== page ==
Thailand suspends TV station over protests coverage

Pro-democracy protesters flash three-fingered salute during a demonstration at Kaset intersection, suburbs of Bangkok, Thailand, Monday, Oct. 19, 2020. (AP)
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Updated 20 October 2020

Thailand suspends TV station over protests coverage

  • Thailand said on Monday that three other media organizations are under investigation
  • Protests have only gained momentum since the government announced a ban last Thursday and arrested dozens of protesters

BANGKOK: A Thai court on Tuesday ordered the suspension of an online TV station critical of the government, which has accused it of violating emergency measures aimed at ending three months of protests.
Voice TV had also been found to have breached the Computer Crime Act by uploading “false information,” digital ministry spokesman Putchapong Nodthaisong told reporters.
Thailand has drawn criticism from rights groups for banning demonstrations and the publication of news seen as damaging by the government as it tries to end the protests against Prime Minister Prayuth Chan-ocha and the powerful monarchy.
Rittikorn Mahakhachabhorn, Editor-in-Chief of Voice TV, said it would continue broadcasting until the court order arrived.
“We insist that we have been operating based on journalistic principles and we will continue our work presently,” he said.
Thailand said on Monday that three other media organizations are under investigation.
Voice TV is owned in part by the Shinawatra family of former prime minister Thaksin Shinawatra and his sister Yingluck, who was overthrown by Prayuth in a 2014 coup. Both fled Thailand to escape corruption cases they branded political.
Street protests since mid-July are the biggest challenge in decades to the monarchy under King Maha Vajiralongkorn and to Prayuth, who rejects accusations of engineering an election last year to keep power.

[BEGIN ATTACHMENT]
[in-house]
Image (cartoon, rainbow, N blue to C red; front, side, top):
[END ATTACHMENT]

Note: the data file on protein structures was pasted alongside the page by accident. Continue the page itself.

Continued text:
The demonstrations have been largely led by youths and students in contrast with a decade of street violence between supporters of Thaksin and conservative royalists before Prayuth seized power.
Protests have only gained momentum since the government announced a ban last Thursday and arrested dozens of protesters, including many of the main leaders.
A lawyer for two of them, Parit “Penguin” Chiwarak and Panusaya “Rung” Sithijirawattanakul, said they would be arrested again on Tuesday as soon as they had been freed on bail granted by a court over earlier charges related to the protests.
Prime Minister Prayuth has said he will not quit in the face of the protests.
His cabinet agreed on Tuesday to hold an emergency session of parliament next week about the crisis. Prayuth’s supporters hold a majority in the parliament, whose upper house was named entirely by his former junta.


Abu Dhabi’s new creative hub aims to attract 16,000 film, TV, gaming professionals

Updated 25 November 2020

Abu Dhabi’s new creative hub aims to attract 16,000 film, TV, gaming professionals

  • The Yas Creative Hub will open phase one in Q1 2021 and has already sold 80% of its space
  • While Hollywood, Bollywood shut down, Abu Dhabi was one of the few global entertainment centers to remain open during COVID-19, with $100 million worth of production

DUBAI: Abu Dhabi’s new 270,000 square meter creative hub, which is set to open in 12 months’ time, is aiming to attract over 16,000 professionals from the entertainment, film, TV and gaming sectors, and position the emirate to compete with international locations such as Hollywood, Bollywood and the UK.

“Abu Dhabi is beginning to look like a mature part of the media ecosystem, not just an appendage,” Michael Garin, CEO of Twofour54 Abu Dhabi, told reporters in a virtual press conference on Monday.